BATAVIA — Iowa's chief farmer is hoping voters, environmentalists and his fellow farmers will understand how important erosion control is.
Iowa Secretary of Agriculture Bill Northey was travelling through southeast Iowa Thursday, visiting farmers and others employed in agriculture. In rural Jefferson County, about five miles north of Batavia, Northey met a group at a farm owned by Dave Dickey and his family.
Below the group of farmers and ag specialists, five bulldozers tore into Dickey's property to build a type of pond that will keep erosion from eating away at his land — and from dumping valuable soil into a nearby stream. Various grants and funding sources help pay for part of the $30,000 project, though the farmer spends some of his own money, too.
"A big incentive to get it done," said the farm's operator, Steve Dallner, "is that I can borrow the 25 percent [we pay] at a real low interest rate."
As farmers learn more about erosion control, Northey said, interest in these projects has increased.
"I haven't had to do much 'selling,'" said Ryan Rasmussen, the Wapello County water and soil employee who coordinates the erosion control projects for three counties.
"So momentum builds when ... neighbors see what's being done," Northey noted.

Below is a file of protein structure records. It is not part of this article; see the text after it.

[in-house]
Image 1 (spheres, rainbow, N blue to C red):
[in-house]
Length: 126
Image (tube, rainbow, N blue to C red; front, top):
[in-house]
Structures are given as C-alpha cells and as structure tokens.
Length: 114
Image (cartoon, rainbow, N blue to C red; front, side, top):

He and Rasmussen said washing good soil into a creek is bad in two ways. The nutrients and organic matter in the soil lead to a chain of events that use up a huge amount of oxygen in various bodies of water. That damages natural resources, like fishing and shrimping operations. Secondly, farmers lose good soil.
"The best place for the nutrients is on the farmer's field," said Rasmussen.
Northey didn't get many answers when he asked how to get urban people involved. There's a misconception, they agreed, that city folk believe farmers are the ones causing all those nutrients to damage the waterways. But there's plenty of dangerous runoff from Iowa's cities, Northey said.
Locally, Ottumwa is working on projects to avoid damaging runoff problems, Rasmussen said. Northey responded that Ottumwa should be commended so other cities will see the value of those projects, which are also protecting Wapello County properties. And from a practical point of view, the millions of dollars recently approved by the Iowa House come from supporters who are both farmers and nonfarmers, Northey added. For most farmers, dirtying the water is not a way to do business.
To protect the Compentine Creek basin, which is Rasmussen's area of responsibility, he, farmers and USDA employees have overseen 126,000 feet of terraces, a total of about 50 projects in two years. There's a reason why all that money is spent in such a concentrated area, he said. The second-tier benefit of the erosion-defeating structures is that they hold back floodwaters.
"When we talk about infrastructure in Iowa?" said Northey.
He pointed out the project in the adjacent fields.
"Make no mistake. This is infrastructure, every bit as much as a road. We've got to have structures to keep that soil in place. It's hard to ring money out of a Legislature," Northey said of the $7 million recently approved for ag projects, "but they believe in the stuff you are doing."
— To see reporter Mark Newman's Twitter feed, go to @couriermark.